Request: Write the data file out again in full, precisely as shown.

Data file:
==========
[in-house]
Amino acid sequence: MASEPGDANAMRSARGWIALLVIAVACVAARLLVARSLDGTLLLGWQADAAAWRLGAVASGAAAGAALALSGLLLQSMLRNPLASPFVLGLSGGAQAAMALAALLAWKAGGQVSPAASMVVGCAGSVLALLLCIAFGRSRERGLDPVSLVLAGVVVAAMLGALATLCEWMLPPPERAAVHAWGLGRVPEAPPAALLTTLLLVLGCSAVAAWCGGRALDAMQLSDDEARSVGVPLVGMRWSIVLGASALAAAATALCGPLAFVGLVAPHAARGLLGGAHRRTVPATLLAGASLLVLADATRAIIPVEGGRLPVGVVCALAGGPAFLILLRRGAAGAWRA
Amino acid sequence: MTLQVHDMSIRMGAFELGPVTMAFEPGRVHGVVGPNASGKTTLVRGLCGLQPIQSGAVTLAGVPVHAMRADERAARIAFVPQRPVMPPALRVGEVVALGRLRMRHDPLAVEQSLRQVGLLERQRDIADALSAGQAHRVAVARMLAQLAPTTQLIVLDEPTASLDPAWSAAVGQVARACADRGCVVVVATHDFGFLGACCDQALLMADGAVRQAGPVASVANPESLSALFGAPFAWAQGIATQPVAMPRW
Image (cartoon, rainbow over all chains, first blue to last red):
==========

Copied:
[in-house]
Amino acid sequence: MASEPGDANAMRSARGWIALLVIAVACVAARLLVARSLDGTLLLGWQADAAAWRLGAVASGAAAGAALALSGLLLQSMLRNPLASPFVLGLSGGAQAAMALAALLAWKAGGQVSPAASMVVGCAGSVLALLLCIAFGRSRERGLDPVSLVLAGVVVAAMLGALATLCEWMLPPPERAAVHAWGLGRVPEAPPAALLTTLLLVLGCSAVAAWCGGRALDAMQLSDDEARSVGVPLVGMRWSIVLGASALAAAATALCGPLAFVGLVAPHAARGLLGGAHRRTVPATLLAGASLLVLADATRAIIPVEGGRLPVGVVCALAGGPAFLILLRRGAAGAWRA
Amino acid sequence: MTLQVHDMSIRMGAFELGPVTMAFEPGRVHGVVGPNASGKTTLVRGLCGLQPIQSGAVTLAGVPVHAMRADERAARIAFVPQRPVMPPALRVGEVVALGRLRMRHDPLAVEQSLRQVGLLERQRDIADALSAGQAHRVAVARMLAQLAPTTQLIVLDEPTASLDPAWSAAVGQVARACADRGCVVVVATHDFGFLGACCDQALLMADGAVRQAGPVASVANPESLSALFGAPFAWAQGIATQPVAMPRW
Image (cartoon, rainbow over all chains, first blue to last red):